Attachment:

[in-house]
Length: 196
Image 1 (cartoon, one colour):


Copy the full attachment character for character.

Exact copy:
[in-house]
Length: 196
Image 1 (cartoon, one colour):